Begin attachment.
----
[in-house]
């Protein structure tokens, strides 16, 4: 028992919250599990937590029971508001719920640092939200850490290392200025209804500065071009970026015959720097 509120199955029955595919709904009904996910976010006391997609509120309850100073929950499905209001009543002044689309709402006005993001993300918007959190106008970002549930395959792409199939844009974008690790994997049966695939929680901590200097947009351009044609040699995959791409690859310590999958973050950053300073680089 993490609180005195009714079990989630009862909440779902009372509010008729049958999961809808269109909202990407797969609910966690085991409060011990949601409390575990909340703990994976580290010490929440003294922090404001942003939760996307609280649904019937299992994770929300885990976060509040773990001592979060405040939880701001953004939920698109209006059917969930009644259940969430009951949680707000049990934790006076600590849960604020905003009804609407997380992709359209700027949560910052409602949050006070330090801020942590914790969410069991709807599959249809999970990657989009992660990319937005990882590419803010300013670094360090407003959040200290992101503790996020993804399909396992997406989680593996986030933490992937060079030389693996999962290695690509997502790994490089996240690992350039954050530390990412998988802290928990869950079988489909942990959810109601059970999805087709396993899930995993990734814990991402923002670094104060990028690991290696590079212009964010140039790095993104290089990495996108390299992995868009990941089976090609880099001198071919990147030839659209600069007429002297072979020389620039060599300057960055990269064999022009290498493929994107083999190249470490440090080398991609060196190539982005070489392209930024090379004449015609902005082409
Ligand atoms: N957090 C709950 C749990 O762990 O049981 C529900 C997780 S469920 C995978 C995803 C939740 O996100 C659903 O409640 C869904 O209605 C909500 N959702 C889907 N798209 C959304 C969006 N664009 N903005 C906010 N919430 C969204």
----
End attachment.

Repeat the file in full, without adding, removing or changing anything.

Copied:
[in-house]
């Protein structure tokens, strides 16, 4: 028992919250599990937590029971508001719920640092939200850490290392200025209804500065071009970026015959720097 509120199955029955595919709904009904996910976010006391997609509120309850100073929950499905209001009543002044689309709402006005993001993300918007959190106008970002549930395959792409199939844009974008690790994997049966695939929680901590200097947009351009044609040699995959791409690859310590999958973050950053300073680089 993490609180005195009714079990989630009862909440779902009372509010008729049958999961809808269109909202990407797969609910966690085991409060011990949601409390575990909340703990994976580290010490929440003294922090404001942003939760996307609280649904019937299992994770929300885990976060509040773990001592979060405040939880701001953004939920698109209006059917969930009644259940969430009951949680707000049990934790006076600590849960604020905003009804609407997380992709359209700027949560910052409602949050006070330090801020942590914790969410069991709807599959249809999970990657989009992660990319937005990882590419803010300013670094360090407003959040200290992101503790996020993804399909396992997406989680593996986030933490992937060079030389693996999962290695690509997502790994490089996240690992350039954050530390990412998988802290928990869950079988489909942990959810109601059970999805087709396993899930995993990734814990991402923002670094104060990028690991290696590079212009964010140039790095993104290089990495996108390299992995868009990941089976090609880099001198071919990147030839659209600069007429002297072979020389620039060599300057960055990269064999022009290498493929994107083999190249470490440090080398991609060196190539982005070489392209930024090379004449015609902005082409
Ligand atoms: N957090 C709950 C749990 O762990 O049981 C529900 C997780 S469920 C995978 C995803 C939740 O996100 C659903 O409640 C869904 O209605 C909500 N959702 C889907 N798209 C959304 C969006 N664009 N903005 C906010 N919430 C969204």